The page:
By Paul Lewis, research fellow, Public Policy
Institute of California
This opinion article appeared in the San Francisco
Examiner on August 1, 1997
Itís easy to look at the Critical Mass controversy as an overheated conflict
between self-righteous bicyclists and often-aggressive motorists. Certainly,
thereís some of that, and more than enough testosterone and mutual distrust and
disgust to keep this battle going through the summer.
But thereís a more timeless quality to the debate that can be summed up in
two questions that are unresolved elements of American public policy:
What are the streets for?
To whom do they properly belong?
Throughout much of this increasingly suburban nation, the answer seems simple
enough. Streets exist to move motor vehicles. Quickly.
At the metropolitan fringe, pedestrians and bicycles never have plied the
roads in large numbers, and government policy often implicitly treats them as an
Where sidewalks - or, more rarely, bike lanes - exist at all, they are often
sources of more terror than pleasure for walkers and bikers. Road engineers and
city planners have seen these "nonmotorized uses" as obstacles to speedy
Thus, bicyclists must negotiate past storm sewer drains on narrow shoulders
of the road while motorists speed by a few inches away. Pedestrians are required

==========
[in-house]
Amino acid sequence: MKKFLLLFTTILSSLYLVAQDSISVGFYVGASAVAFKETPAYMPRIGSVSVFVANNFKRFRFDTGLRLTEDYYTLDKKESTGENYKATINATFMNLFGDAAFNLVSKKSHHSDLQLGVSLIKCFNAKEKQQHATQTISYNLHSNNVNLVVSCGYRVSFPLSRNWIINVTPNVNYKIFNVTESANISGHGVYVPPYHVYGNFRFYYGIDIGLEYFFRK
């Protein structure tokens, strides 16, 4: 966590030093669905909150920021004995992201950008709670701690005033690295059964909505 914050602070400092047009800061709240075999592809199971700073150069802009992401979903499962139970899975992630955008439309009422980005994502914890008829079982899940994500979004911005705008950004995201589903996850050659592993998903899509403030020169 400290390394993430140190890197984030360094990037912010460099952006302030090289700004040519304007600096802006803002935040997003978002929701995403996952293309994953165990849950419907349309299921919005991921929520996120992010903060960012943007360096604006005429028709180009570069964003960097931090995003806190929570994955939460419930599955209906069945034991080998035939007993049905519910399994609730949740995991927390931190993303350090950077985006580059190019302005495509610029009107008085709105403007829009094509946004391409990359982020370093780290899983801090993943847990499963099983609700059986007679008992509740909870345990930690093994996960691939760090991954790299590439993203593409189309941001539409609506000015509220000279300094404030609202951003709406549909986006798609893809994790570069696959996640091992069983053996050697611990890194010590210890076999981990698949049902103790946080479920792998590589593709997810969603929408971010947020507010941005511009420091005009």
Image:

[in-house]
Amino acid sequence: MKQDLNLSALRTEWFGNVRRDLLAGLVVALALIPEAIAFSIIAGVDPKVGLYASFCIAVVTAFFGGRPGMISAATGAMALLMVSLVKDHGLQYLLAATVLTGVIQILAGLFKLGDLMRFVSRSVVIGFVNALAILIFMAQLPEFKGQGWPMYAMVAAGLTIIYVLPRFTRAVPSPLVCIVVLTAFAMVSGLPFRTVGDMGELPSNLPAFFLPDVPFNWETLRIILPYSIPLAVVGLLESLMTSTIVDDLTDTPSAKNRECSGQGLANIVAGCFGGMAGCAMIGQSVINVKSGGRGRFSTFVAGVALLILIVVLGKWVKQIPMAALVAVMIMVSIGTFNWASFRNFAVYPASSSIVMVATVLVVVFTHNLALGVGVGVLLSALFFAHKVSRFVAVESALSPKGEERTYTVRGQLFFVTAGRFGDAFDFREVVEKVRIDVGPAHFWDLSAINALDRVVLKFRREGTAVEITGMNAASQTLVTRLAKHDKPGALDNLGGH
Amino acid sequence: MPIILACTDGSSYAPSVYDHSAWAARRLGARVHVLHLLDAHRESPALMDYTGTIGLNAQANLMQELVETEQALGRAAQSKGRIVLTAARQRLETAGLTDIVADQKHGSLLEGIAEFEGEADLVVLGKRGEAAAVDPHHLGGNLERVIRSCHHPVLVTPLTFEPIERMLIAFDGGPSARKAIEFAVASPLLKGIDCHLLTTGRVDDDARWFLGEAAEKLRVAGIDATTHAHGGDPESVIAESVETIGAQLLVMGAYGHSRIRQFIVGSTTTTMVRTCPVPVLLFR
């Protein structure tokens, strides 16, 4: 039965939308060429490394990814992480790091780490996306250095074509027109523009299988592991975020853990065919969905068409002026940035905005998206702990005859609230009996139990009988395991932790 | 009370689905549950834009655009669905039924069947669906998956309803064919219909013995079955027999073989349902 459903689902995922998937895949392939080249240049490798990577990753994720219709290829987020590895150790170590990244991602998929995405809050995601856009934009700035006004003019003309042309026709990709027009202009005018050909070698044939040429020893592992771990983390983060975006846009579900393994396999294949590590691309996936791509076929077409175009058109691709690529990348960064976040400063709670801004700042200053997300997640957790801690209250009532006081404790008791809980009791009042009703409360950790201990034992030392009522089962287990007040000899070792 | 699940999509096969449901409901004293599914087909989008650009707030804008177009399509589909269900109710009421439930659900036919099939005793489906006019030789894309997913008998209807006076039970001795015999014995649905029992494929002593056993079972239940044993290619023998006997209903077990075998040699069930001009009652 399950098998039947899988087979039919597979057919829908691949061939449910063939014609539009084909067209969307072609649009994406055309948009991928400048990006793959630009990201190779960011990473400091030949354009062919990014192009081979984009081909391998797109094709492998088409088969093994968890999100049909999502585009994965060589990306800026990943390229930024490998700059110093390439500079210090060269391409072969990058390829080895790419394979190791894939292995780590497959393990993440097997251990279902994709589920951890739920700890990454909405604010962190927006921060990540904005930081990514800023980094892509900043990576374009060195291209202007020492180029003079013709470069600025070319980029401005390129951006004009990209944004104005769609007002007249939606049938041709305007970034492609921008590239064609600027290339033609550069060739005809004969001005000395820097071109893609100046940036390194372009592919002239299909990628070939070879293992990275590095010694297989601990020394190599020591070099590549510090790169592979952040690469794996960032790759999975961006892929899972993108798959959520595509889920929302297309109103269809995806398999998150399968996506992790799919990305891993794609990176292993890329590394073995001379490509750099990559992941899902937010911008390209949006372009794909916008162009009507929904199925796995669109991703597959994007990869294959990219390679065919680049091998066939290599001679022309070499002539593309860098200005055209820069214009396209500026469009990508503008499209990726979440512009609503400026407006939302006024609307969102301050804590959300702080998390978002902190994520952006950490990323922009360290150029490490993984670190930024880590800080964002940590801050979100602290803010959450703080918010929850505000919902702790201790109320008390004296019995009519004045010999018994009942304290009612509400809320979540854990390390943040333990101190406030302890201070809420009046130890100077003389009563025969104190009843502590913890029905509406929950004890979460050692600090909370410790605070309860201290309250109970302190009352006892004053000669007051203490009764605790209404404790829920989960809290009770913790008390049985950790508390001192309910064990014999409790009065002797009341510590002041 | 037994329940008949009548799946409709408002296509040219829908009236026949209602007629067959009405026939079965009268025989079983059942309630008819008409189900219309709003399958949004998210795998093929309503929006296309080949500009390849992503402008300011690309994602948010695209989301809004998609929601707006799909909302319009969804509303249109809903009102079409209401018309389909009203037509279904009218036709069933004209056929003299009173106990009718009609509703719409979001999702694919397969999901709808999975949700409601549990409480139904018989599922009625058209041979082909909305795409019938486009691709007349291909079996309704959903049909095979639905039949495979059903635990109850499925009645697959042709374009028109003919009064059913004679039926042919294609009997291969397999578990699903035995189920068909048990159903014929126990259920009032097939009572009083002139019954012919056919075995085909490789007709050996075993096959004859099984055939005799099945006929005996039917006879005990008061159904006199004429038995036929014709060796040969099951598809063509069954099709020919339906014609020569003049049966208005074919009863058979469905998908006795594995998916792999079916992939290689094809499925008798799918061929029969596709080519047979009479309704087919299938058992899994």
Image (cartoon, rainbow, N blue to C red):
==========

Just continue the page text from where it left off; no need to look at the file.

to push buttons just to get a "walk" sign when the light turns green.
Never mind that improved auto speed and access draw more businesses and
residents, which means more cars and traffic congestion.
As many urban historians have pointed out, streets were not always viewed in
such utilitarian fashion. In photos at the turn of the century, city streets
seem crazily disordered, with pedestrians, vending carts, bicyclists and trolley
cars all coexisting.
Historically, streets have been public spaces - for meetings and speeches,
for children to play, for adults to meet, and for livestock to run. Through
events like parades and street fairs, we still observe these traditions.
It is ironic that San Francisco, one of the nationís more friendly places
toward foot-and-pedal power, should become the site for the uncompromising
warfare of Critical Mass. But in a way, such a public debate could take place in
few American cities.
San Francisco is an anomaly. Almost everywhere else, nonmotorized users lost
the battle long ago. San Francisco is a delight to negotiate by foot. Thatís a
big reason why moving here is a lifestyle choice for many people.
The conflict over Critical Mass is really a conflict over the purposes of
cities and, by extension, their streets. Are cities simply conglomerations of
commerce with streets provided for movement of goods and workers? Or are cities
communities, with streets as public spaces?
American policy has favored the utilitarian approach. San Francisco, with its
narrow streets, high density, and natural amenities, has the necessary elements
for an alternative vision.
As with other areas of policy in The City - how to shape development, how to
help the poor - there always will be conflict over how far to push an approach
that sets San Francisco apart from other cities.
These are not new issues. As the French planner Le Corbusier (Charles-…douard
Jeanneret-Gris) wrote of his beloved Paris in 1924:
"Day by day the fury of the traffic grew. To leave your house meant that once
you had crossed the threshold you were a possible sacrifice to death in the
shape of innumerable motors. I think back 20 years, when I was a student: The
road belonged to us then."